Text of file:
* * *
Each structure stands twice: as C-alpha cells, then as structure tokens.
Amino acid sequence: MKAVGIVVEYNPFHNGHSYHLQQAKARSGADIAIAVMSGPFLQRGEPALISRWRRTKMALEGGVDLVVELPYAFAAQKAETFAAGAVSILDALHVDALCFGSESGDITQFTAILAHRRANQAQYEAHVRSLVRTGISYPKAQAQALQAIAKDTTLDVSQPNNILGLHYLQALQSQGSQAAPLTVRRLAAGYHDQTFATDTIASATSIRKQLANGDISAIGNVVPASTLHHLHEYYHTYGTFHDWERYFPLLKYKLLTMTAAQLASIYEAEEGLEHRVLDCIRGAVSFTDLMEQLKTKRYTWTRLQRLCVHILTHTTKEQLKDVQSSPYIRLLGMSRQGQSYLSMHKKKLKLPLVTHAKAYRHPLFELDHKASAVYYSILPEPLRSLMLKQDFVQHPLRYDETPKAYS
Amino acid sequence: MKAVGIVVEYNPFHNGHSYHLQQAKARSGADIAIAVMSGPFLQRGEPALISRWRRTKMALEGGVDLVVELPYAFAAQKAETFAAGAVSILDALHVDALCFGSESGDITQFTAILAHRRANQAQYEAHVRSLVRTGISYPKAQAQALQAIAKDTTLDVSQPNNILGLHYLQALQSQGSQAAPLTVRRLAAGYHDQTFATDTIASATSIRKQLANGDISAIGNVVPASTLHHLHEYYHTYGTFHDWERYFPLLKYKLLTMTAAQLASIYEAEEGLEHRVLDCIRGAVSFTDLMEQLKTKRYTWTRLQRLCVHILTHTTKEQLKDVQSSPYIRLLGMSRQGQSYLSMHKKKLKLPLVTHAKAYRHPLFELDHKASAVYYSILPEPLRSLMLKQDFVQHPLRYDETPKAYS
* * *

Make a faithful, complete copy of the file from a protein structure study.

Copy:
Each structure stands twice: as C-alpha cells, then as structure tokens.
Amino acid sequence: MKAVGIVVEYNPFHNGHSYHLQQAKARSGADIAIAVMSGPFLQRGEPALISRWRRTKMALEGGVDLVVELPYAFAAQKAETFAAGAVSILDALHVDALCFGSESGDITQFTAILAHRRANQAQYEAHVRSLVRTGISYPKAQAQALQAIAKDTTLDVSQPNNILGLHYLQALQSQGSQAAPLTVRRLAAGYHDQTFATDTIASATSIRKQLANGDISAIGNVVPASTLHHLHEYYHTYGTFHDWERYFPLLKYKLLTMTAAQLASIYEAEEGLEHRVLDCIRGAVSFTDLMEQLKTKRYTWTRLQRLCVHILTHTTKEQLKDVQSSPYIRLLGMSRQGQSYLSMHKKKLKLPLVTHAKAYRHPLFELDHKASAVYYSILPEPLRSLMLKQDFVQHPLRYDETPKAYS
Amino acid sequence: MKAVGIVVEYNPFHNGHSYHLQQAKARSGADIAIAVMSGPFLQRGEPALISRWRRTKMALEGGVDLVVELPYAFAAQKAETFAAGAVSILDALHVDALCFGSESGDITQFTAILAHRRANQAQYEAHVRSLVRTGISYPKAQAQALQAIAKDTTLDVSQPNNILGLHYLQALQSQGSQAAPLTVRRLAAGYHDQTFATDTIASATSIRKQLANGDISAIGNVVPASTLHHLHEYYHTYGTFHDWERYFPLLKYKLLTMTAAQLASIYEAEEGLEHRVLDCIRGAVSFTDLMEQLKTKRYTWTRLQRLCVHILTHTTKEQLKDVQSSPYIRLLGMSRQGQSYLSMHKKKLKLPLVTHAKAYRHPLFELDHKASAVYYSILPEPLRSLMLKQDFVQHPLRYDETPKAYS